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Crawford Grill purchased...Franco Harris part of investment group
Created on Wednesday, 14 April 2010 12:25 Last Updated on Monday, 03 December 2012 19:20 Published on Wednesday, 14 April 2010 12:25 Written by Christian Morrow - Courier Staff Writer Hits: 5430
Standing on the corner of Wylie Avenue and Elmore Street in Pittsburgh’s Hill District, Franco Harris looks across the street at the names of jazz legends etched on the Legacy senior building—Billy Eckstine, Erroll Garner, Earl “Fatha” Hines—and starts nodding his head.
|UNDER NEW MANAGEMENT—Members of the group that bought the Crawford Grill in February include, from left: Robert Meeder, Greg Spencer, Jules Matthews, Victor Rogue, Dwight Mayo, Franco Harris and William Generett.
“This is a good corner,” the Hall-of-Famer said. “You stand here and your head just starts bopping up and down. This is such a historic site that the preservation and history of it has to live on. So the question is, how do we do that? Well, the first step is to buy this building—so we did.”
The building Harris is referring to is the Crawford Grill, a Hill mecca for jazz that closed in 2003. He is among a group of four private investors and three nonprofits that purchased the property in February. The others include Randall Industries founder Greg Spencer, Transportation Solutions owner Dwight Mayo, former Fisher Scientific CEO Bill Recker; Pittsburgh Gateways, The Keystone Innovation Zone and The Hill House Economic Development Corp.
The group plans to restore and preserve the building’s interior space as it was in its heyday and to expand into a vacant lot next door—which the group is currently closing on—with new restaurant and nightclub space. There are also plans for an educational component that would convert the current building’s upper floors to studio, workshop, educational and meeting space, so the Hill District’s jazz legacy can be passed on.
“We had all these talented people who came from Pittsburgh like Ahmad Jamal, who I just saw at the first ever National Jazz Day concert here,” said Harris. “And though they went elsewhere to pursue their careers, they always came back and they were great ambassadors for Pittsburgh. Can we capture how things were and how they evolved? It will be hard, but we’ll try to preserve that feel as closely as possible.”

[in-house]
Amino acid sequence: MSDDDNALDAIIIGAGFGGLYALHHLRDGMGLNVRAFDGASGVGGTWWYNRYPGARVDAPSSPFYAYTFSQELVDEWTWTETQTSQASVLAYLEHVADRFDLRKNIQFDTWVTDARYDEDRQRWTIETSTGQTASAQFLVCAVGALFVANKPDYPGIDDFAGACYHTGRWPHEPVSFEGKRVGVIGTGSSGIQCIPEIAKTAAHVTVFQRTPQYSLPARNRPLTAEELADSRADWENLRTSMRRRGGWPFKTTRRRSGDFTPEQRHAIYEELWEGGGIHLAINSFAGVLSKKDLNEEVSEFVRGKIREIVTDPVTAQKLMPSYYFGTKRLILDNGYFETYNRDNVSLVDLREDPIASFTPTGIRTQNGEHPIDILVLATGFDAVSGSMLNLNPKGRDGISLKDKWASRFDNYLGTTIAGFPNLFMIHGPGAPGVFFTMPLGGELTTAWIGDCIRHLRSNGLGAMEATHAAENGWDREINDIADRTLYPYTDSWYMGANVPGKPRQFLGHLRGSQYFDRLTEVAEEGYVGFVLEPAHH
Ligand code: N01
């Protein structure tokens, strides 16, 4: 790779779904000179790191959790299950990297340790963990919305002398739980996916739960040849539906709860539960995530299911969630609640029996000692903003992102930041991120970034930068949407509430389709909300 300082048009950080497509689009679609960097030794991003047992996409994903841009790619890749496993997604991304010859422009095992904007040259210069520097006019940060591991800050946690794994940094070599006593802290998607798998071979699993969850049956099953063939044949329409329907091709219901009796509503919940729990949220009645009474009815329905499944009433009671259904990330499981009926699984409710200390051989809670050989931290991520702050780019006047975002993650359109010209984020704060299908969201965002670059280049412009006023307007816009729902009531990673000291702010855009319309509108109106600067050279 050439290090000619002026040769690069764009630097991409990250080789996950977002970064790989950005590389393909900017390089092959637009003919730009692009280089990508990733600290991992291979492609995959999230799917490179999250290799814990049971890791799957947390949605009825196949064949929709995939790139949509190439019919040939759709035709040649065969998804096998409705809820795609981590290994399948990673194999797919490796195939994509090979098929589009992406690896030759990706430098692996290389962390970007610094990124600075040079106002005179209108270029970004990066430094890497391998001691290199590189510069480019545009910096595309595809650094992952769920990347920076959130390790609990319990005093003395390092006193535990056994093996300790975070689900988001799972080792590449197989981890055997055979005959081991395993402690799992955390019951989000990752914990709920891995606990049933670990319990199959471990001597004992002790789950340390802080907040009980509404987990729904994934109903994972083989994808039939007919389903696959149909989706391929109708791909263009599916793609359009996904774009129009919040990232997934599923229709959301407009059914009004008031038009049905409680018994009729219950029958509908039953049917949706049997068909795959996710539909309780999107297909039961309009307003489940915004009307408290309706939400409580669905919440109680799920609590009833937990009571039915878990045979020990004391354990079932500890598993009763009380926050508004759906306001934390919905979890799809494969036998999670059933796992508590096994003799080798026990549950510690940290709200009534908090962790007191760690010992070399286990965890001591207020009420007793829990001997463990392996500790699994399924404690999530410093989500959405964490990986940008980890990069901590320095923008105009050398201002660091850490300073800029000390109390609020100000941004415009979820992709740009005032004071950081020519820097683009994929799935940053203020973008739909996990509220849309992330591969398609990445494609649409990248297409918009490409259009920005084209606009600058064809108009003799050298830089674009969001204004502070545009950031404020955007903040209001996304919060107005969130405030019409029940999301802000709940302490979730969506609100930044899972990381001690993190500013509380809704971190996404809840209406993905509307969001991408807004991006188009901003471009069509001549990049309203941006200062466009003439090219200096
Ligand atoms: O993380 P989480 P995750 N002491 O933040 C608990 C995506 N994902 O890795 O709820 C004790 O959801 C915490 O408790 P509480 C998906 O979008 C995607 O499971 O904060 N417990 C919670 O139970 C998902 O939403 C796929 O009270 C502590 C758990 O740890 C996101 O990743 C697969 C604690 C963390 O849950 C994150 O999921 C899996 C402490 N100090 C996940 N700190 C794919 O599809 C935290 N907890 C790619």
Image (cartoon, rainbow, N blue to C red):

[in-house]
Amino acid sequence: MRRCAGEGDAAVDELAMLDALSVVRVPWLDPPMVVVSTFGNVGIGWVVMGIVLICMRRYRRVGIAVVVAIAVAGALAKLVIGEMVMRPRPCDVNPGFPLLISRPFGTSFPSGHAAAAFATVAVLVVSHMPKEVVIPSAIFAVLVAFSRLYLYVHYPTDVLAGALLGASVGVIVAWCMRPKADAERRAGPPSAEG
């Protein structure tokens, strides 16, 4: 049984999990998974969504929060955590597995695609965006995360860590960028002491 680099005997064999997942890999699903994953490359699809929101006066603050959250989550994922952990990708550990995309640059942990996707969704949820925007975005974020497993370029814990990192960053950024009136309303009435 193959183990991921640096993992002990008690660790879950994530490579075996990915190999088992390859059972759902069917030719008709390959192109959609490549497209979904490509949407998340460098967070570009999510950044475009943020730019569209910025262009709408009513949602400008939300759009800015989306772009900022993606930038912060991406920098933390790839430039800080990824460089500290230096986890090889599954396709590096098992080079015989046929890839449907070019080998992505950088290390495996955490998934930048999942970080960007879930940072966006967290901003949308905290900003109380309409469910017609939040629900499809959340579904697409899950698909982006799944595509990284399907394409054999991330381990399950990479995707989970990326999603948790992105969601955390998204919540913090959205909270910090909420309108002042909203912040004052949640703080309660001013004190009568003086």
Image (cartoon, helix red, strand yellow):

Pittsburgh Gateways President Robert Meeder said the nonprofits got involved to assist with development issues and will have no part in the eventual operation.
“We as a group are looking to bring back the Grill without compromise. The nonprofits would establish a music-programming theme. So we’re looking at preserving the legacy and establishing an entertainment venue,” he said. “I mean, nonprofits can’t own bars, but we’re involved because we thought if we didn’t do something, it might be turned into a butcher’s shop or torn down completely.”
Spencer said the group is probably a year away from beginning restoration work, and they are still ironing out design ideas.
“It’s a diverse group of investors, and there are diverse perspectives on what to do,” he said. “If it was up to me you’d go in the same door you always did, with the bar on the right and the stage where it was and have an arch into the new space.
“We want to keep as much of what the old Grill was as possible—jazz, a bar with lunch or dinner fare. To me, the more we can talk about it, the more we can get some of the folks who were part of it years ago to give us some insight into it.”
Victor Rogue, Hill House Association interim president and CEO, said the association became a partner because it is interested in restoring vitality of the entire Hill District and the Crawford Grill is part of that vitality.
“When I first came to town 15 years ago, this was the first place I stopped. We want to see the Hill come back as a prime area for housing and commerce,” he said. “This project attracted us because of its history. The history of the Grill is the history of the Hill.”
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